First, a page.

Union types


Maybe trough different Either<A,B,…> classes ? Invisible to pure kotlin users, but preserve java interop.


Another use case here: I’d especially want to use discriminated unions for single case types, which effectively allows me to e.g. have two incompatible strings.

F# has this and I have used it for great benefit in the code base, especially when applying string transformations like parsing to make it impossible to accidentally compare a Token to a raw string (you can only compare Tokens to Tokens). Here are some examples: https://fsharpforfunandprofit.com/posts/discriminated-unions/#single-cases

Of course Kotlin has sealed classes but they are not quite the same and especially for the equivalen of an F# single case disriminated union they have much more boilerplate. Type aliases of course only add syntactic sugar, but no actually checked types.

Regarding the compilation: F# compiles DUs down to a simple class hierarchy with an enum Tag property that discrimates the cases. I have always found that to be convenient enough when using DU types from C#. Here’s some reference how that looks like: https://fsharpforfunandprofit.com/posts/fsharp-decompiled/#unions

There are also some MS Research papers on the implementation which I’m sure you can dig out…


Do you really find writing Kotlin’s class CustomerId(val id: Int) vs F#'s type CustomerId = CustomerId of int to have much more boilerplate or there is something else that bothers you? Can you give a more worked out example of the F# code you are trying to port, please?



I don’t believe this is how you will do that today, this creates so much garbage just to create a simple object (all the pairs+ the array that holds them in the vararg), in addition it quite inefficient at runtime (all that instanceof checks) and finally, as you mentioned it is not type safe (the throw UnsupportedOperationException() in the else clause).

Instead, the following creates only one temporal object and effectively uses method overloading to mimic union support at compile-time:

class JsonObjectBuilder(private val json: JSONObject) {
    operator fun String.remAssign(value: Boolean) = json.put(this,value)
    operator fun String.remAssign(value: Double) = json.put(this,value)
    operator fun String.remAssign(value: Int) = json.put(this,value)
    operator fun String.remAssign(value: Long) = json.put(this,value)
    operator fun String.remAssign(value: String) = json.put(this,value)

inline fun json(build: JsonObjectBuilder.()->Unit) = JSONObject().also { JsonObjectBuilder(it).build() }

//it will be used as follows:
//(for the faint of heart, the operator overloading could be replaced with an infix method_
val j = json {
    "a" %= "hello"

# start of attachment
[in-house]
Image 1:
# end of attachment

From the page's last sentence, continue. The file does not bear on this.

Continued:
"b" %= 7
    "c" %= true

Now, if there were only a way to remove that useless temporary object (JsonObjectBuilder)…


You can use sealed classes for discriminated unions.

Note also that union types are a slightly different thing: a union type A | B is compatible with both A and B (with a run-time check). A discriminated union type is not, it requires an explicit constructor and explicit destructuring. They also would be mapped differently on JVM.


Sealed classes are not useful when you don’t “own” all the classes.
For example, there is no way to express “String|MyString” via sealed classes.

Is there a YouTrack ticket about union types that I can vote?




Unfortunately it is not possible to vote on issue: “Voting for a resolved issue is not allowed.”


Generate wrapper class with constructors for all possible values?

class JsonType {
    public final Object is;

    public JsonType(Boolean value) { 
        is = value;
    public JsonType(Char value) { 
        is = value

public void example(JsonType value) {
    if (value.is instanceof Boolean) {


I think that union types allow something that sealed classes don’t: they’re able to represent SUBSETS of classes with a common ancestor or interface. Even subsets of enumerations, if their behaviour is extended.

For example, consider these classes:

interface Athlete {

class FootballPlayer : Athlete {

class Swimmer : Athlete {

class BasketballPlayer : Athlete {

// Etc.

A specific method might want to return instances of only some of those implementations:

typealias BallPlayer = FootballPlayer | BasketballPlayer;


fun findPlayersOfBallSports (): BallPlayer {


let player: BallPlayer = findPlayersOfBallSports ();
if (player instanceof Swimmer) {
  // ^^^ Error!!! Because "player" can only be an instance of either
  // FootballPlayer or BasketballPlayer.

In my opinion, it makes the code be much more powerful and self-documented.

If this behaviour were extended to instances of enum, it would also allow things like this:

enum class Device {


typealias InputDevice = Device.KEYBOARD | Device.MOUSE;


fun getInputDevices (): InputDevice {


let device: InputDevice = getInputDevices ();
if (device == Device.CPU) {
  // ^^^ Error!!! Because "device" can only be either
  // Device.KEYBOARD or Device.MOUSE.


I agree with 100% Java interop as well as union type is implicit. but nevertheless Kotlin.js need Union Type for JS interop. Yes, parameter of union type can be replace with method overloading but javascirpt can be return union type as follow.

interface HTMLAllCollection {
    getter (HTMLCollection or Element)? namedItem(DOMString name);

this IDL can be translate to kotlin code as follow.

public external abstract class HTMLAllCollection {
    fun item(nameOrIndex: String = definedExternally): UnionElementOrHTMLCollection?

public external @marker interface UnionElementOrHTMLCollection {

this is not easy to understand and need to type casting. but what if kotlin.js have union type can be simplify as follow. furthermore dynamic keyword can be replace by union type for explicit.

public external abstract class HTMLAllCollection {